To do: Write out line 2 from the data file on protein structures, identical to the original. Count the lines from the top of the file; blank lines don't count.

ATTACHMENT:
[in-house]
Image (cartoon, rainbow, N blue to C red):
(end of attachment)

Image (cartoon, rainbow, N blue to C red):